So, the only liberal position among Kerr's examples that actually prevent anyone doing anything they want to do is the death penalty. Some liberals would like it to be prohibited, period.

For every other example, the liberal position places nothing out of bounds. Rather, it extends the bounds to include personal choices that are prohibited by the conservative position.

Among examples Kerr does not name, the only liberal position involving a restriction on personal choice or behavior that comes to mind is gun laws. In general, liberals favor limiting and controlling the type and/or number of guns an individual can own, and also favor placing some restrictions on ownership.

Net/net, I don't think that you can characterize either the liberal or conservative position as consistently favoring or prohibiting the "majority preference", whatever it happens to be.

On most of the hot button issues, a victory for the liberal side means that liberals are saved the trouble of going through the political process.

This assumes that an appeal to the courts is not part of the political process.

A loss doesn't mean their view is not permitted, only that the issue is dealt with in the elected branches like most other issues.

Conservatives are perfectly happy to appeal to the courts as well. See the DC handgun ban.

Liberals want different things than conservatives, and vice versa. Both groups use the political process to enforce their preferences to the best of their ability.

That's because both think their preferences are *better*.

I think we need to live with the fact that we're going to continue to duke it out in the public sphere.

May the best position win.

Thanks -

"It prohibits schools requiring prayer regardless of whether individual students can participate in good conscience."

Respectfully, that's not quite it. What's prohibited is school-sponsored prayer, voluntary or not. That it's voluntary, and not required, isn't relevant.

ThatLeftTurn: This is why at the top of the thread I said to publius "It would be better if you were to stick to issues that can be confined to the frame you are trying to work within, IMHO."

Reinforcing Publius's mention of abortion with an assertion that forcing women to have babies against their will isn't really about individual rights? Yeah, that was so going to work!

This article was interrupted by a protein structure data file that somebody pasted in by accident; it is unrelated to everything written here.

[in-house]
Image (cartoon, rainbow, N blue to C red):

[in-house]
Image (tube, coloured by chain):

david: My understanding is that they consider a fetus to have a soul. They don't consider parting a soul from its body to be a minor thing.

Yet, repeatedly: they show no interest in preventing these "murders", and actively support policies that tend to increase the abortion rate.

As for your analogy: slaves exist, still, all round the world. A person who takes a pure and public moral stance "No one should be a slave!" but does nothing whatsoever to free any slaves, and actively supports policies that tend to increase slavery, is hardly convincing as genuine, are they? Whereas someone who works their guts out to diminish both slavery and the ills that cause slavery, plainly does think that slavery is a terrible evil, even if at no time have they uttered the line "But no one should be a slave!"

Parting the soul from the fetus is a problem only for believers in the strict version of original sin. If one believes (as St.Augustine* decreed) that the soul of the unborn would go to hell, abortion is actually worse than "simple" murder (and the RCC has stated that often enough). If on the other hand the fetus is "innocent"**, the parting of the soul should pose no problem (at least for the fetus). I don't take really seriously those that ask "What if Mary had aborted Jesus?".

*whom I despise for this and some other similar inhuman doctrines
**before it starts to masturbate of course (fetuses do). ;-)

Yet, repeatedly: they show no interest in preventing these "murders",

Except for their interest in prohibiting them entirely by law.

and actively support policies that tend to increase the abortion rate.

Except for the policy of prohibiting abortions.

out, blasted italics.


Except for their interest in prohibiting them entirely by law.

Making abortion illegal, as anyone with any interest in the issue of preventing abortion knows, does not prevent abortions. It just ensures that women with a medical need to terminate their pregnancy are much more likely to die instead, and that women who just want to terminate an unwanted pregnancy get an illegal abortion - which is still safer, statistically, than carrying a baby to term. In any country where abortion has been made illegal, the net effect is never to decrease the abortion rate, but to vastly increase the maternal morbidity/mortality rates.